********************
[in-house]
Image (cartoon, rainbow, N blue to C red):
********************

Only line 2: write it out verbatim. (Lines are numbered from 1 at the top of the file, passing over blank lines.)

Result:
Image (cartoon, rainbow, N blue to C red):